Feeds and Speeds for Fly Cutters and Manual Mills
I got an email from a customer the other day who wondered if there wasn’t some way to make G-Wizard more focused to the needs of manual machinists. He felt that it was overly “CNC specific”, and wanted some sort of “CNC versus Manual” switch to make it easier. I need to cogitate more on the idea of a switch, but it is certainly true that if you start dialing up modern tooling in G-Wizard and cutting softer materials, you will end up with feeds and speeds that are impossible–the manual machinist just can’t crank the handwheel fast enough.
Let’s back up just for a second and realize a key thing:
The physics are the same for the cutter, whether it’s a manual machine or a CNC machine.
I’m tempted to respond as one famous Starship Chief Engineer did with, “I canna change the laws of physics, Captain!” But, that’s just telling us we need to think about the problem differently: we don’t have to change the laws of physics, we just have to apply them properly.
Take the issue of trying to madly crank the handwheel to hit 100 inches per minute or some other similarly silly thing that G-Wizard may recommend to the manual machinist. First question is, “Why did it recommend that?” And the answer is, unless you keep chip load up, you run the risk of rubbing the cutter.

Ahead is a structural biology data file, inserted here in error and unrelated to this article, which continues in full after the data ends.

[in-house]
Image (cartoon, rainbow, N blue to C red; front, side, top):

Consider this diagram:
Cutter at the top has large chip load relative to radius of cutting edge, so it cleanly slices off chips. Cutter at the bottom has a large cutting edge radius relative to the chip load. It can hardly get under the chip to slice, so it plows, scrapes, and rubs. It may produce a fine finish, but it does so by burnishing. This creates a lot of heat and is very hard on your cutting tools. When G-Wizard asks for a particular feedrate, and it seems too fast, it’s only because it’s trying to get the picture at the top where the cutter slices cleanly.
Okay, so how do we manage feedrate on machines that can’t feed fast enough? Here are some thoughts: